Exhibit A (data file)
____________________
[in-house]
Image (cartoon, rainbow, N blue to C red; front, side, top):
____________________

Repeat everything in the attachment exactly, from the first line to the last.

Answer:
[in-house]
Image (cartoon, rainbow, N blue to C red; front, side, top):